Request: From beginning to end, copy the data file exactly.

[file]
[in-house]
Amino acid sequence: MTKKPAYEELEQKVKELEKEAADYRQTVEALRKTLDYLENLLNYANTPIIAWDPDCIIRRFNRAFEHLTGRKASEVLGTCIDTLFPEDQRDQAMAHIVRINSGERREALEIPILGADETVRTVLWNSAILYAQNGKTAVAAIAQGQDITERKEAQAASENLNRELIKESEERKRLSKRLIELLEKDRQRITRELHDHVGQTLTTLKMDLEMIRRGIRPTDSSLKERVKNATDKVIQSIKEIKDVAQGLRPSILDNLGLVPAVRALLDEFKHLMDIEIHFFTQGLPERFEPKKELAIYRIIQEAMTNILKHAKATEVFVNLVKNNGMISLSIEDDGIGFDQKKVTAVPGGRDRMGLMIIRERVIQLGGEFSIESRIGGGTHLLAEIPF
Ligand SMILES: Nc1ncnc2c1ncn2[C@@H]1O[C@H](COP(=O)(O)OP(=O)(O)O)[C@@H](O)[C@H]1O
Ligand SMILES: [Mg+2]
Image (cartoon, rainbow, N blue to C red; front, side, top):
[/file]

[in-house]
Amino acid sequence: MTKKPAYEELEQKVKELEKEAADYRQTVEALRKTLDYLENLLNYANTPIIAWDPDCIIRRFNRAFEHLTGRKASEVLGTCIDTLFPEDQRDQAMAHIVRINSGERREALEIPILGADETVRTVLWNSAILYAQNGKTAVAAIAQGQDITERKEAQAASENLNRELIKESEERKRLSKRLIELLEKDRQRITRELHDHVGQTLTTLKMDLEMIRRGIRPTDSSLKERVKNATDKVIQSIKEIKDVAQGLRPSILDNLGLVPAVRALLDEFKHLMDIEIHFFTQGLPERFEPKKELAIYRIIQEAMTNILKHAKATEVFVNLVKNNGMISLSIEDDGIGFDQKKVTAVPGGRDRMGLMIIRERVIQLGGEFSIESRIGGGTHLLAEIPF
Ligand SMILES: Nc1ncnc2c1ncn2[C@@H]1O[C@H](COP(=O)(O)OP(=O)(O)O)[C@@H](O)[C@H]1O
Ligand SMILES: [Mg+2]
Image (cartoon, rainbow, N blue to C red; front, side, top):